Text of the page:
Ron Sims, a member of the Washington State University Board of Regents, who predicts that 25 years from now, K-12 education will become K-11 education. Read more public officials' predictions about what government will look like in 2037 below.
Fred Leeb, the former emergency financial manager for Pontiac, Mich., a financially distressed city that was essentially taken over by the state. Leeb proposes solving cities' economic problems by giving a few billion dollars to the country's top minds to collaborate on a monumental project -- if they agree to live and work in one of America's struggling cities.
Dr. Susan Tolle, director of the Center for Ethics in Health Care at the Oregon Health & Sciences University, on how word choice factors into the chance of success for a state-level movement focused on giving terminally ill patients more say in what medicine and medical procedures they want or don’t want.
Source: New York Times | Mississippi |
September 25, 2012
Mike Chaney -- the insurance commissioner for Republican-led Mississippi, where he's having difficulty setting up a state-based health insurance exchange -- referring to a confrontation with an opponent of the federal health-care law at a luncheon.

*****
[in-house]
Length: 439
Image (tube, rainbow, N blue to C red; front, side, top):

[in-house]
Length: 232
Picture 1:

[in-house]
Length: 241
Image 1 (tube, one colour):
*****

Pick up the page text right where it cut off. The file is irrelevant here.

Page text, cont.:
Source: Newark Star-Ledger | New Jersey |
September 24, 2012
New Jersey state Senate President Stephen Sweeney, upon hearing the news that the state's unemployment rate rose to its highest in three decades in August (9.9 percent). The jobless rate has been climbing since January, when Gov. Chris Christie began boasting of a "Jersey Comeback."
Source: Stateline | Pennsylvania |
September 21, 2012
Pennsylvania state Rep. Daryl Metcalfe, who sponsored the state's voter ID law. Critics argue the law would suppress turnout among poor, elderly and minority voters who are less likely to own a photo ID.
Source: GOVERNING | Washington, D.C. |
September 20, 2012
Robert G. Flanders, Jr., the state receiver for Central Falls, R.I., which declared bankruptcy last year, speaking at Governing's Cost of Government summit. Flanders cut pension benefits for some retirees by more than 50 percent.
New York Gov. Andrew Cuomo, on his eventual decision to allow the controversial drilling practice of hydraulic fracturing in the state. New York has been operating under a temporary moratorium on fracking until the state Department of Environmental Conservation completes its review of the issue.